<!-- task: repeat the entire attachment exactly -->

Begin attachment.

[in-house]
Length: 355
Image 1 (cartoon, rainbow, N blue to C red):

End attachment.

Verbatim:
[in-house]
Length: 355
Image 1 (cartoon, rainbow, N blue to C red):